Gar Wood- Mom at Grayhaven 1943
Marjorie LeSuer Rentz leaning on Phil Wood's boat, Gar Wood's brother.
My grandfather worked for both Ed Gray and Gar Wood- starting with Edward Gray at the Ford Highland Park Plant. At the time of his death (my grandfather, Elmer LeSuer) he was working on an engine for a landing craft with Gar Wood's builders. Six of the engines were actually built and they were the first outboard engines with a clutch (dead jaw pickup- that's what my uncle said the unit was called). (I understand that the war ended before they finished the project.) That's my mother sitting on one of Gar Wood's boats but this one was his brother's, Phil Wood- with the bays of others at Grayhaven (Detroit) in the background. See the story from the Detroit News below-
Born on a farm near Peoria Ill, Gray came to Detroit in 1909, and went to work for Ford. After eight years with Ford, he turned to real estate and by 1931 had attracted the attention of the Fisher brothers, of Fisher Body fame; William Koerber, a prohibition era brewer, and Gar Wood, whose speed boats not only won races but made the rum-runners happy. All built large homes in Grayhaven. But the Great Depression made continued development almost impossible.
Gray took out a full page ad in a Detroit newspaper May 10, 1931, which read in part: "Grayhaven is a strictly private residential community minutes from downtown, yet isolated on the shore of the Detroit River...Homes range from moderately priced to very expensive....and the list of residents already reads like a Detroit Social Register...A paradise for Yachtsmen...created by a yachtsman. Restrictions provide that every home have a drydock in which the owner can keep his yacht safe and clean winter and summer...
"Guarded gates and a private intercommunicating telephone system allow undesired traffic to be denied entrance...a privilege because the streets are owned outright by the residents...Grayhaven, merely a dream 18 years ago, is today a reality nearly complete...as shown in the photographs...The world's largest and finest privately owned, fireproof marine garage is here...offering safe and clean storage to owners of boats and yachts from 10 to 75 feet in length...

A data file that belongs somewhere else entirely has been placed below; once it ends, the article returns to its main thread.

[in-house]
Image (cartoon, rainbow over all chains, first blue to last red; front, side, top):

"You may search the world over but you will not find another community like Grayhaven where the shore and city homes are so pleasingly combined. Ideal conditions...wholesome social conditions, health-giving atmosphere and sports...quietude and privacy...exceptional beauty...in city location...close to public and private schools...close to churches...
"The cost may be more than for the conventional type, but the difference is more than saved in the first two years by decreasing the cost of caring for the yacht and the cost of constructing a detached garage... and you may build a conventional home if you wish...Come to Grayhaven today...Tour it with the man who designed and developed it for you. Drive out to Dickerson Avenue, turn right and follow to the end of street and GRAYHAVEN."
Eight other buyers had smaller homes built on the island and along the Port Lagoon mainland strip. But Gray's dream did not come to fruition during his lifetime. He died in 1939 and his widow had to let the remaining vacant lots revert to the city for nonpayment of taxes.
However the three original Grayhaven builders stuck around despite changing conditions.
The first of them, the Fisher family, bought the entire easterly strip of 46 lots along the Starboard Lagoon facing Lenox Street. The U-shaped canal flows a half-mile to the single bridge connecting the rectangular 40-acre island in the middle of the entire 67-acre subdivision. The canal's eastern entrance grabs some of the natural Detroit River current and channels it at one mile per hour around the island keeping the 10 foot deep water fresh and flowing. The wide canal allows 70-foot yachts to enter and maneuver. The Dodge family's "Delphine" often docked behind the Fisher mansion.
Because the Fisher family was so large, many other Detroit homes are called "The Fisher Mansion," but they should not be confused with Grayhaven's Fisher Mansion. Lawrence P. Fisher, one of the seven Fisher brothers, spent $1.5 million to build his Grayhaven mansion in 1928. The home's front faced Lenox, but the rear backed up to the wide canal. The grounds included a small golf course where Fisher entertained guests like golfing legend Walter Hagen.